Victorian Norwich

The Victorian age saw the arrival of the railways. The line from Norwich to Gt. Yarmouth was opened in 1844, and the line to London was completed in 1846.
Victoria Station was opened in 1849 and City Station in 1882.

The only road into the city from Thorpe Station at that time was via Rose Lane.
In 1860, Prince of Wales Road was built across what was in medieval times a Franciscan Friary to provide direct access into the city. The present Thorpe Station was built in 1886.

Jeremiah James Coleman

In 1856 J.J. Colman moved from his mustard mill in Stoke Holy Cross to Carrow. Although Colman’s will always be associated with mustard, after a few years the factory expanded to produce a variety of products including starch and barley water. Colman’s was a remarkable company that was at the forefront in the care for itswork forcee. It had its own kitchen and canteen, sick ward, and fire service. Many of the workers lived in houses owned by the company.

Yet in this enlightened time, there was still a gruesome spectacle that was about to end… In 1867 the last public execution took place between the gatehouses of the Castle. This execution took place early in the morning to discourage crowds. Previous hangings had attracted crowds of up to 30,000. After the hangings, the cattle market became an area of entertainment with musicians and street vendors. And of course, the pubs around the cattle market did a roaring trade.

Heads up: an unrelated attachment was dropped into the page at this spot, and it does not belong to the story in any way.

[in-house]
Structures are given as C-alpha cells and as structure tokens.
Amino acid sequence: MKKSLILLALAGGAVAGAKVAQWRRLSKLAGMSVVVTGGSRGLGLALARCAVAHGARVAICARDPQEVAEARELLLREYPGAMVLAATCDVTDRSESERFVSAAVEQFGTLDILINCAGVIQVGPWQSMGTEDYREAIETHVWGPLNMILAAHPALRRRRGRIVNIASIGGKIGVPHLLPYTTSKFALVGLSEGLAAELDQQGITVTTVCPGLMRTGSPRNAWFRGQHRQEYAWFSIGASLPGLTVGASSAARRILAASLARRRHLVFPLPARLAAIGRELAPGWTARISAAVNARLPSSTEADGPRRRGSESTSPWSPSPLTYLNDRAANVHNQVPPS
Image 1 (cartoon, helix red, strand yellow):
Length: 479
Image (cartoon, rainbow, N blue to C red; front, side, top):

The decline of the weaving trade continued with the great mills of Yorkshire producing cheaper copies of the cloths made in Norwich. In a vain attempt to restore the trade the Norwich Yarn Company built a mill in 1834 and in 1836 St James Mill was built in Whitefriars but soon had to close. By the end of the century there were noworstedd weavers in Norwich.

Boot and shoe manufacture was on the rise. Howlett & White, Sexton & Everards, and Edwards & Holmes were the most successful, though several smaller firms existed. By the end of the century nearly 8,00 people were employed in the trade.

And engineering was expanding as an industry. Charles Barnard built the world’s first wire-netting machine in 1844 (based on the cloth weaving machines) and soon the firm of Barnard, Bishop & Barnard were selling wire netting all over the world. The firm had its own foundry, and also made wrought iron gates and structures.
Boulton and Paul had a large foundry at the junction of King Street and Rose Lane. William Scott started making dynamos in 1883 and soon after Laurence & Scott’s were formed.

A.J. Caley was a chemist in London Street. In 1863 he started making mineral water at his shop. he moved to Chapelfield in 1883 and was soon making cocoa and chocolate as well as mineral water. They ended the century by including Christmas crackers in their products.

The end of the century (and the end of Victoria’s reign) was marked with the building of a tramway system in Norwich, which entailed new sections of road and the realignment of others.

 

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